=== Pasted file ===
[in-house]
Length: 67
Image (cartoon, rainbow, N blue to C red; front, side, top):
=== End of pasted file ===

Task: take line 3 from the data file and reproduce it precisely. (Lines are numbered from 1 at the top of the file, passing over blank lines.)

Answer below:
Image (cartoon, rainbow, N blue to C red; front, side, top):